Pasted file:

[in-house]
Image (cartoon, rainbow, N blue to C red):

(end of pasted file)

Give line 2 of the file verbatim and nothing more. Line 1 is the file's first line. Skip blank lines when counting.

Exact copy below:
Image (cartoon, rainbow, N blue to C red):